Challenges in meeting fellowship procedural guidelines in pediatric therapeutic endoscopy and liver biopsy

Diana G. Lerner, B. U. Li, Petar Mamula, Douglas S. Fishman, Robert Kramer, Vi Lier Goh, Khalil El-Chammas, Scott P. Pentiuk, Robert Rothbaum, Bhaskar Gurram, Riad M. Rahhal, Praveen S. Goday, Bernadette Vitola

Research output: Contribution to journalArticlepeer-review

14 Scopus citations


Objective: The aims of this study were to assess the opportunities for therapeutic endoscopy, liver biopsies, and percutaneous endoscopic gastrostomy (PEG) placements available to fellows during a 3-year pediatric gastroenterology fellowship, and to evaluate access to ancillary procedural-training opportunities. METHODS: Data were collected from 12 pediatric gastroenterology fellowship programs in the United States. Procedures completed in the years 2009-2011 were queried using CPT codes and endoscopy databases. The maximal opportunity for procedures was based on the total procedures performed by the institution in 3 years divided by the total number of fellows in the program. The centers completed a questionnaire regarding ancillary opportunities for endoscopic training. RESULTS: There is significant variability in pediatric endoscopic training opportunities in specialized gastrointestinal (GI) procedures. Under the 1999 guidelines, no centers were able to meet the thresholds for polypectomy and control of nonvariceal bleeding. The 2013 guidelines allowed the number of programs reaching polypectomy thresholds to increase by 67% but made no difference for control of bleeding despite a decrease in the threshold. Training in PEG placement was not available in 42% of the surveyed centers. Elective ancillary procedural training is offered by 92% of the surveyed centers. CONCLUSIONS: Most training programs do not have the volume of therapeutic endoscopy procedures for all of the fellows to meet the training guidelines. Training in therapeutic endoscopy, PEG placement, and liver biopsy in pediatric GI fellowships should be supplemented using all of the possible options including rotations with adult GI providers and hands-on endoscopy courses. A shift toward evaluating competency via quality measures may be more appropriate.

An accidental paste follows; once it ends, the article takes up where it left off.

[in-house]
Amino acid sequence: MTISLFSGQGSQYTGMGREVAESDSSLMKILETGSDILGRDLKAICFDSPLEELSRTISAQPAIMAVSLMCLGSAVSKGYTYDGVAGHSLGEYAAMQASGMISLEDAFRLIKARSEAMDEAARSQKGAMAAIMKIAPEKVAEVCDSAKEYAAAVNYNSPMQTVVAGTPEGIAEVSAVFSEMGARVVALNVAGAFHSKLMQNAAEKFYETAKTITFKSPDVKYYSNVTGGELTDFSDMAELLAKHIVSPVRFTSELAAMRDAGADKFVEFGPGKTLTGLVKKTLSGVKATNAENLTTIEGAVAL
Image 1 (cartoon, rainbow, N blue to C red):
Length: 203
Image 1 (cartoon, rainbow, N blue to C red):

Original languageEnglish (US)
Pages (from-to)27-33
Number of pages7
JournalJournal of pediatric gastroenterology and nutrition
Issue number1
StatePublished - Jan 2014


  • competency
  • endoscopic procedures
  • fellowship
  • liver biopsy
  • pediatric gastroenterology training

ASJC Scopus subject areas

  • Pediatrics, Perinatology, and Child Health
  • Gastroenterology


Dive into the research topics of 'Challenges in meeting fellowship procedural guidelines in pediatric therapeutic endoscopy and liver biopsy'. Together they form a unique fingerprint.

Cite this